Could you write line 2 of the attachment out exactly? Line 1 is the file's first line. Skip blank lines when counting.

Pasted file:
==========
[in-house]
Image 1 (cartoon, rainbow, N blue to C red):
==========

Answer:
Image 1 (cartoon, rainbow, N blue to C red):